Tuesday, March 19, 2013

Frank Nitti's Last Walk

The Death of the Man Dubbed “Capone’s Enforcer”

On the evening of March 19, 1943, a lone figure walked out of his home in Riverside, Illinois, and began strolling along the streets of the quiet neighborhood. It was a cool, early spring night and the man seemed to have not a care in the world as he walked along, his hands tucked into his pockets and a soft whistle on his lips. His casual manner gave no hint to the turmoil he felt inside. Or that he had a loaded handgun weighting down the pocket of his coat.

The man left the street and began walking along the Illinois Central Railroad tracks that ran west of Harlem Avenue and around Cermak Avenue. He carefully picked his way over the railroad ties and walked along until the shadows seemed to envelope him. Darkness was just beginning to fall and this seemed as good a time as any for one last look at the world. The man took the gun from his pocket and raised it to his head. His hand began to tremble as he squeezed the trigger and then a deafening roar filled his ears and echoed in the stillness of the city around him.

When the first shot was fired, railroad workers who were doing routine maintenance a little father up the line, looked up to see the walking man. His hands shook as he held the pistol and a thin ribbon of smoke curled from its barrel. The gun had been aimed at his head but the first shot had somehow missed. One of the railroad men started to call out to the man as he saw him calmly lift the gun again. Before the words could leave the railroader's lips, the man pulled the trigger again. This time, when the gun went off, the bullet did not miss. It blew apart the top of the man's head and he stumbled over the railroad ties and collapsed against the fence that ran next to the tracks. Blood began to seep into the grass, looking black in the fading light.

Frank Nitti, once thought of as one of the most powerful men in Chicago and an enforcer for Al Capone, lay dead on the ground, slain by his own hand.

Frank Nitti
Frank Nitti (or Nitto, which was the preferred family spelling) was a man of mystery. Intensely private and quiet, he is only scarcely remembered today as being part of the legendary Capone gang. If not for the television series based on the exploits of Eliot Ness and his "Untouchables," it's possible that he would only be known to the most dedicated gangster buffs and researchers and not to the general public at all. Nitti was a small man but one with incredible will. He maintained discipline in the ranks and acted as Capone's enforcer and troubleshooter. He was also one of the only gangsters in the organization who never used an assumed name, which got him into trouble when investigators discovered a check he had endorsed. This put him into prison for eighteen months in the early 1930s, an experience that had a lasting effect on him.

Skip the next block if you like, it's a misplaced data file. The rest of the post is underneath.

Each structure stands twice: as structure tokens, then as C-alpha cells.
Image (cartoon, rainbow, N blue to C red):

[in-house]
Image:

Nitti was born on January 27, 1881 in the small town of Angri, in the province of Salerno, Campania, Italy. He was the second child of Luigi and Rosina Nitto. His father died when Frank was very young and a year later his mother married Francesco Dolendo. In July 1890, Dolendo emigrated to American and the rest of the family followed in June 1893 when Nitti was 12. They settled at 113 Navy Street in Brooklyn and Frank worked numerous odd jobs to help support the family. He left school in the seventh grade and worked as a bowling alley pinsetter, a factory worker and a barber. Al Capone’s family lived nearby but the Capone brothers were much too young to be known to Nitti.

Frank left home at age 19, unhappy with his stepfather, and wanting to make it on his own. Starting in 1900, he worked in a number of factories and finally, in 1910, he left Brooklyn. Little is known about his life over the course of the next few years but he probably moved to Chicago around 1913, working as a barber and making the acquaintance of gangsters Alex Louis Greenberg and Dion O'Banion.

He married a woman from Chicago, Rosa Levitt, in Dallas, Texas, on October 18, 1917. The couple's movements after their marriage remain uncertain. He is known to have become a partner in the Galveston crime syndicate run by "Johnny" Jack Nounes and is reported to have stolen a large sum of money from Nounes and mobster Dutch Voight, after which Nitti returned to Chicago. By 1918, he had moved into an apartment at 914 South Halsted Street. He soon renewed his contact with Greenberg and O'Banion, becoming a jewel thief, liquor smuggler, and fence. Through his liquor smuggling activities, Nitti came to the attention of Chicago crime boss John Torrio and, later, to his successor, Al Capone. 

Under Capone, Nitti gained a fearsome reputation as an enforcer. Originally working as a bodyguard, Capone began tasking Nitti with the planning and execution of some of the gang’s most notable assassinations, like that of Hymie Weiss in 1926. He also ran Capone's liquor smuggling and distribution operation, importing whisky from Canada and selling it through a network of speakeasies around Chicago. Known as one of Capone’s top captains, he was trusted for his leadership and business skills but he never wanted leadership of the gang.

However, after Capone went to prison, newspaper reporters began looking for a new face for the head of the organization and somehow, Nitti ended up as that man. While an efficient organizer under Capone, it had been his job to make sure that Capone's orders had been carried out, not to give them himself. Nitti was only supposed to be a member of the board of directors of the new Outfit, not the man in charge. When Lucky Luciano and Meyer Lansky established their national crime syndicate, they dealt with Paul "The Waiter" Ricca as the leader of the Chicago mob and not with Nitti.

However, Ricca and the others used Nitti's high profile with the press to keep the heat off the real inner workings of the Outfit. He became a valuable man to take the heat. Chicago mayor Anton Cermak even dispatched his own police "hit men" to try and take out Nitti so that he could replace him with other gangsters who kept him on the payroll.